Overtaking is not as prevalent here as at some other circuits. The straights are shorter, and the layout has not been formulated with the same design principles as some of the more modern circuits such as Malaysia, Bahrain or China for example. Overtaking is still possible - the main opportunity arising into Turn Three after the DRS Zone - but clear-cut opportunities are few and far between. Drivers must be brave and committed in the risks taken to grasp these opportunities, with the probability of accidents high.
Two circuits, 12 days, thousands of kilometres. The winter programme may have offered a glimpse of Formula One in 2014, but Melbourne provides the acid test. For the first time, 22 V6 Hybrid cars will take to the track simultaneously. For the first time, teams must adapt to operating two of these revolutionary machines as opposed to just one; and in a significantly condensed time scale. For the first time, the drivers must achieve a race distance under the close attention of their competitors.
As widely demonstrated during pre-season, running a 2014 Formula One car is a challenge in itself. Double that challenge in terms of providing both drivers with competitive, reliable machinery, and each team must be absolutely on the button in terms of preparing and running their cars efficiently and without error. This is where experience within a team will come to the fore in Melbourne, with history predicting a high propensity for attrition.
Of the last 10 season-opening races, eight have been held at the Albert Park circuit and two in Bahrain; the venue used for two of the three 2014 pre-season tests. Of these 10 Grands Prix, five have been affected by at least one safety car period. In that same time scale, there have been 62 occasions where a car has been declared as 'not-classified' in the race result.
Digging a little deeper into the figures, exactly half of these 62 were the result of a mechanical failure; averaging just over three cars per race. 12 of those 31 mechanical retirements were classed as engine (seven) or gearbox (five) failures; two of the focal areas in terms of reliability under the 2014 regulations. Hydraulics (five) and transmission (three) are next on the list; elements once again directly linked to the complex Power Unit.
Each system of the Power Unit - from the ICE to the turbocharger and ERS - is so intrinsically linked that complications with one will fundamentally affect the performance of the car as a whole. Now factor in an all-new gearbox design, the fly-by-wire braking system and significantly increased cooling demands. Add the lesser, but nonetheless present, risk of failure from one of the thousands of 'known' components and achieving reliability appears a daunting feat. While it has always been the case that a machine is only as strong as its individual parts, this rings all the more true in 2014.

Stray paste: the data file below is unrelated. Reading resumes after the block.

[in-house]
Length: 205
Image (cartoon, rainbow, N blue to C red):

Fundamentally, however, rising to these challenges epitomises the ethos of Formula One. The task at hand may be greater than ever before but innovation and cutting-edge technology are at the heart of the sport. For decades, engineers have been pushing the boundaries of performance, extracting the absolute maximum from the technology at their disposal and exploring every avenue of development in the pursuit of automotive perfection.
The association between Hybrid technology and motorsport, for example, stretches back over a century for Mercedes-Benz. Early experiments of Daimler Chief Engineer Wilhelm Maybach focused on combining the gasoline engine with alternative drive technologies in the early 1900s, with the company's first true hybrid, the Mercedes Mixte, following shortly afterwards courtesy of fellow Chief Engineer Ferdinand Porsche.
Pre-season testing saw teams complete a combined mileage of 36,979 km during 12 days of track time; an impressive 74% of the total amassed during the winter of 2013 (49,946 km) under the well-established V8 era and a notable achievement considering the scale of change. A race weekend is, of course, an entirely different beast, but the principles remain the same. Efficiency is the driving force behind the 2014 regulations but the reliability of each and every component within the car will be crucial to allowing that efficiency - and in turn performance - to be maximised.